Theoretical and Applied Genetics

, Volume 112, Issue 5, pp 808–817 | Cite as

Unigene derived microsatellite markers for the cereal genomes

  • Swarup K. Parida
  • K. Anand Raj Kumar
  • Vivek Dalal
  • Nagendra K. Singh
  • Trilochan Mohapatra
Original Paper

Abstract

Unigene derived microsatellite (UGMS) markers have the advantage of assaying variation in the expressed component of the genome with unique identity and positions. We characterized the microsatellite motifs present in the unigenes of five cereal species namely, rice, wheat, maize, Sorghum and barley and compared with those in Arabidopsis. The overall UGMS frequency in the five cereal species was 1/7.6 kb. The maximum UGMS frequency was in rice (1/3.6 kb) and the lowest in wheat (1/10.6 kb). GC-rich trinucleotide repeat motifs coding for alanine followed by arginine and the dinucleotide repeat motif GA were found to be abundant UGMS classes across all the five cereal species. Primers could be designed for 95% (wheat and barley) to 97% (rice) of the identified microsatellites. The proportion and frequency of occurrence of long hypervariable class I (≥20 nucleotides) and potentially variable class II (12–20 nucleotides) UGMS across five cereal species were characterized. The class I UGMS markers were physically mapped in silico on to the finished rice genome and bin-mapped in wheat. Comparative mapping based on class I UGMS markers in rice and wheat revealed syntenic relationships between the two genomes. High degree of conservation and cross-transferability of the class I UGMS markers were evident among the five cereal species, which was validated experimentally. The class I UGMS-conserved orthologous set (COS) markers identified in this study would be useful for understanding the evolution of genes and genomes in cereals.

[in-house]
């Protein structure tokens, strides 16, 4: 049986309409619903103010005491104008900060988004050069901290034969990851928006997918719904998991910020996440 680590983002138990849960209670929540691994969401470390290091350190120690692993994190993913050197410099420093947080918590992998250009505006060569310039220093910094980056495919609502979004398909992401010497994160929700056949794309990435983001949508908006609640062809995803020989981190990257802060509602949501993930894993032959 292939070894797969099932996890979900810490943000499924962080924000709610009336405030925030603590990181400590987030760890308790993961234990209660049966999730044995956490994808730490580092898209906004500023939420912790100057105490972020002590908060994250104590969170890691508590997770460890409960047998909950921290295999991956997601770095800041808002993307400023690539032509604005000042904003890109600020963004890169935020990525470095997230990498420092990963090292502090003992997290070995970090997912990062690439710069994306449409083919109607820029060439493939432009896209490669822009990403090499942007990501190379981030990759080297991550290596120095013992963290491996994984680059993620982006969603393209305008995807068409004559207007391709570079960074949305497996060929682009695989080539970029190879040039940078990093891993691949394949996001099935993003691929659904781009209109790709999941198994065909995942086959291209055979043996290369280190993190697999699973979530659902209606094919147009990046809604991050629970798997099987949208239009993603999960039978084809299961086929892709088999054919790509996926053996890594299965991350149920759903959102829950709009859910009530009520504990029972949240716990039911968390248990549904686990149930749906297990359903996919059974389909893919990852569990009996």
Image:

Notes

Acknowledgements

The work presented in the manuscript was partly carried out under the Sugarcane Genomics Project and National Bioscience Project awarded to the corresponding author (TM) by the Department of Biotechnology (DBT), Government of India. We are thankful to NCBI and RGP for making their databases available and Institute of Plant Genetics and Crop Research (IPK) for the availability of microsatellite search tool MISA.

Supplementary material

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Copyright information

© Springer-Verlag 2006

Authors and Affiliations

  • Swarup K. Parida
    • 1
  • K. Anand Raj Kumar
    • 1
  • Vivek Dalal
    • 1
  • Nagendra K. Singh
    • 1
  • Trilochan Mohapatra
    • 1
  1. 1.National Research Centre on Plant BiotechnologyIndian Agricultural Research InstituteNew DelhiIndia

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